Asked why she wanted the task force’s work completed by December of next year, Hudgins said this was the time to follow up on the area plan review proposals that were filed last year and that the sooner plans were rewritten, the sooner changes and redevelopment could take place.

Ultimately, she agreed to try to work community advisory committees into the planning process. "I do raise the concern that it not be the driver of the task force because the task force is appointed for a reason," she added.

As for the composition of the task force, Hudgins said each of the various community groups in Reston would appoint a primary and alternate member, and she hoped a member of the RA board would sit on the team. "The task force then can participate but really serve as listeners in the community process," she said. There are to be no more than 20 members or so, with a couple from the Dranesville District, which contains a portion of the area in question. Three or four members would be at-large, and Hudgins said she would want some members who specialized in certain areas of study.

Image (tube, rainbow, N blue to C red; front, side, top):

This is good news for all those folks who participated in the Land Use College, which was created to help people become reasonably educated in development parlance to actually provide useful input to such committees -- as if a mastery of such acronyms as "PUD" will keep people from being written off as NIMBYs by pro-development forces. The RA Board will decide next month what role it will play in this process, which will probably involve insisting that the DRB be appointed the Supreme Secretariat of the Toll Road in the new master plan, the end.